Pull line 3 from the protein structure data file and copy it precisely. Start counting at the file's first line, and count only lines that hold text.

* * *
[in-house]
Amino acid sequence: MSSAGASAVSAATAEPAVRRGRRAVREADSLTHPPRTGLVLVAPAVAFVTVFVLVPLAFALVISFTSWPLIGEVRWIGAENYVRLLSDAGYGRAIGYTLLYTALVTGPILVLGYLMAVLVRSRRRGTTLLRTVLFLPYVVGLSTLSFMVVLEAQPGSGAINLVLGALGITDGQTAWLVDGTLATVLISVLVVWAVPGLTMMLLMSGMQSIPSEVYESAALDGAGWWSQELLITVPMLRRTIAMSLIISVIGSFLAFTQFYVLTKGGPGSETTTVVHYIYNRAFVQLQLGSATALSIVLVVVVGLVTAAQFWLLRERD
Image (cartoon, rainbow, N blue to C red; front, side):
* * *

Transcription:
Image (cartoon, rainbow, N blue to C red; front, side):